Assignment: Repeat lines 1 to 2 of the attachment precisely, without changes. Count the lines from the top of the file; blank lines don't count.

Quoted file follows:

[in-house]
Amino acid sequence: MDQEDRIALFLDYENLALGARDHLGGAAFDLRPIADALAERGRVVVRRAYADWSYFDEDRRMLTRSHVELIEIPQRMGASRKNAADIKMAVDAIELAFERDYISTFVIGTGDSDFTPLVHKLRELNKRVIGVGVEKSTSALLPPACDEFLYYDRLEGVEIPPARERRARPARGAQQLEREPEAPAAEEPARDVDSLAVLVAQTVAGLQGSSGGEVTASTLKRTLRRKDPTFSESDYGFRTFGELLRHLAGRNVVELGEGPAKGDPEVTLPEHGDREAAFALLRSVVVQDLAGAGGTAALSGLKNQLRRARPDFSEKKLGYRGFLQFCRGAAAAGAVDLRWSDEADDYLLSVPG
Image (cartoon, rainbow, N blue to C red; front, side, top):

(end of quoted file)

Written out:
[in-house]
Amino acid sequence: MDQEDRIALFLDYENLALGARDHLGGAAFDLRPIADALAERGRVVVRRAYADWSYFDEDRRMLTRSHVELIEIPQRMGASRKNAADIKMAVDAIELAFERDYISTFVIGTGDSDFTPLVHKLRELNKRVIGVGVEKSTSALLPPACDEFLYYDRLEGVEIPPARERRARPARGAQQLEREPEAPAAEEPARDVDSLAVLVAQTVAGLQGSSGGEVTASTLKRTLRRKDPTFSESDYGFRTFGELLRHLAGRNVVELGEGPAKGDPEVTLPEHGDREAAFALLRSVVVQDLAGAGGTAALSGLKNQLRRARPDFSEKKLGYRGFLQFCRGAAAAGAVDLRWSDEADDYLLSVPG